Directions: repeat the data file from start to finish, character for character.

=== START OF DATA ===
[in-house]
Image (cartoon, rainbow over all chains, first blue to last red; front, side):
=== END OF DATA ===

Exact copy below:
[in-house]
Image (cartoon, rainbow over all chains, first blue to last red; front, side):